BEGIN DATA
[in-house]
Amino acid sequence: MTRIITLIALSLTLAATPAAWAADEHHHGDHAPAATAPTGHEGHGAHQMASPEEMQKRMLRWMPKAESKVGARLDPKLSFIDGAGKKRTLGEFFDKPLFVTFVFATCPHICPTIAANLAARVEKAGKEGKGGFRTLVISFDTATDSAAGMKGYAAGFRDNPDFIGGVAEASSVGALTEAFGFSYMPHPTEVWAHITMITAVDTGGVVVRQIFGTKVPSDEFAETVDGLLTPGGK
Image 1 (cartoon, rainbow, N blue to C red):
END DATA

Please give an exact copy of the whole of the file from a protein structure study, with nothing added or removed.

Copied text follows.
[in-house]
Amino acid sequence: MTRIITLIALSLTLAATPAAWAADEHHHGDHAPAATAPTGHEGHGAHQMASPEEMQKRMLRWMPKAESKVGARLDPKLSFIDGAGKKRTLGEFFDKPLFVTFVFATCPHICPTIAANLAARVEKAGKEGKGGFRTLVISFDTATDSAAGMKGYAAGFRDNPDFIGGVAEASSVGALTEAFGFSYMPHPTEVWAHITMITAVDTGGVVVRQIFGTKVPSDEFAETVDGLLTPGGK
Image 1 (cartoon, rainbow, N blue to C red):